Wednesday, April 11, 2007

Fia Backstrom and Kelley Walker Just Kickin' It

Part 2 of "Just Kick It Till It Breaks, currently on view at The Kitchen, 512 West 19th Street in New York.

A kinder, gentler conglomerate has been emerging ever so slightly in the past decade.

Fortune 500 companies are rapidly implementing policies of "social and ecological" sensitivity.

One in particular to note, BP, (formerly known as British Petroleum.)

See this caption below taken from the BP website.

(try not to sue me, I'm giving you guys credit here....)

Helios Power-- Our renewed commitment to make things ‘a little better’ for customers at our gas stations, through a new look, feel and fresh appeal
Find how we're doing things 'a little better'

Yes, even big oil is coming around to the new society of the 21st Century.

Or are they?

Artists Fia Backstrom and Kelley Walker make an absolute mockery (and deservedly so) of this newfound turnaround of corporate sensitivity and gives it a quick kick in the bum.

Taking the sunburst BP logo and uniting it with imagery commonly found in the currently treasured house and garden heart of America-- Ikeas, Crate & Barrels, and Pottery Barns of the world should take note.

After all, for all the plastics that they sell-- furniture, dishes, shower curtains-- what component is a main ingredient?


And make no qualms about it, these colors have been selected by the designers for a reason.


"Green has taken on a very strong connotation as the color representing ecology and concern for the environment, however, it also conveys meanings associated with money and the suggestion "to go ahead" which is obviously derived from traffic lights."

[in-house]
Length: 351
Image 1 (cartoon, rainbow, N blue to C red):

From Wikipedia:

Sunlight, joy, happiness, earth, optimism, idealism, wealth (gold), summer, hope, air, liberalism, cowardice, illness (quarantine), hazards, dishonesty, avarice, weakness, greed, femininity, gladness, sociability, summer, friendship, Taurus, Leo (golden yellow, star signs), April, September, deceit, hazard signs, death (Middle Ages), mourning (Egypt), courage (Japan).

What better way to sell (and perhaps deceive) a naive public than to use "pretty colors."

I took this photo below the other day in Brooklyn to help illustrate the point.

BP is makings its stations more user-friendly; more home-like-feeling, "a little better."

I had to almost break into a guffaw here, for how much does pumping gas remind you of homemade pumpkin pie-- it truly is All American.

"A little better," of course-- at $3.17 a gallon.

I personally would suggest a decomposing cartoon dinosaur melting into a pool of black ooze to illustrate a more "at one with nature" marketing ploy-- Little boys would love it!

But it is a sign of the times when corporations are finally using the billions in their marketing budgets to promote something a bit different than mere consumption; in this case, they're also selling "an experience."

Backstrom and Walker are also showing something to the viewer that's not easily recognizable-- the constant barrage of images of daily seduction-- "buy this, wear this, eat on these, sleep on these, cuddle up in this.”

And all of the above companies certainly do justice to deception at its finest.
Brilliant work by Backstrom and Walker.

I just hope they don't get sued for copywright infringement by the suits, but you never can tell when someone is making a point-- and a very strong one at that.

More reviews to come this week.

In the meantime, enjoy the below websites.
Walker is represented by Paula Cooper Gallery.

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